New Webb Telescope Research Sheds Light on Rocky Planet Formation

Rebecca Jean T.
6 min readFeb 29, 2024

In November of 2023, two separate research endeavors using the James Webb Space Telescope peered into the planet-forming disks surrounding protostars in our galaxy to learn more about how planets are created. Both papers have found new information on how rocky planets are formed, increasing our understanding of planetary evolution and the types of conditions in which rocky worlds can form.

Concept art of reddish purple protoplanetary disk around a white star. A red planet is located in the upper right corner.
Concept art of star PDS 70 and its protoplanetary disk. Water vapor has been detected in the inner part of the disk, where rocky planets may be forming. The illustration also features one of two known protoplanets currently in the disk. Credit: NASA, ESA, CSA, J. Olmsted (STScI).

Confirming Theories of Planetary Formation

In a paper published in the Astrophysical Journal Letters on November 8th, astrophysicists using the James Webb Space Telescope found evidence confirming theories about how planet formation works. Current theories suggest that planets form in disks of material that surround newborn stars, known as protoplanetary disks. During this stage of stellar evolution, known as the T Tauri phase, these developing stars eject hot winds into space around them. This energy disturbs the material around the star, causing small bits to stick together and form larger and larger debris. Once enough debris has been gathered together, it becomes a planetesimal.

Theories of planet formation have also proposed that icy pebbles far in the outer regions of protoplanetary disks are essential in planet formation. These icy pebbles are responsible for bringing both solid material and water to planets throughout a planetary system as they drift inwards toward the star due to friction in the material of the protoplanetary disk. Specifically, it is thought that these icy pebbles eventually enter a warmer region around the star, where they release cold water vapor.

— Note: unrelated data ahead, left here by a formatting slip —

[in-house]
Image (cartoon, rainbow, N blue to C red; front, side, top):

Two concept images of protoplanetary disks. On the left: a compact red disks in the middle of the frame. On the right: a larger disk takes up the entire image, with gaps in material in circles in the disk. Both are red and orange.
Artist concept comparing two common types of protoplanetary disks. On the left, a compact disk. On the right, an extended disk with gaps in its material. Credit: NASA, ESA, CSA, Joseph Olmsted (STScI).

“Webb finally revealed the connection between water vapor in the inner disk and the drift of icy pebbles from the outer disk. This finding opens up exciting prospects for studying rocky planet formation with Webb!” — principal investigator Andrea Banzatti of Texas State University.

The newly published research shows exactly what theories suggest. Using Webb’s MIRI (Mid-Infrared Instrument), the team studied four protoplanetary disks. Two were compact disks, and…

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Rebecca Jean T.

Published author on NASA’s Radio Jove project. Researching science topics to deliver to you in bite-sized stories.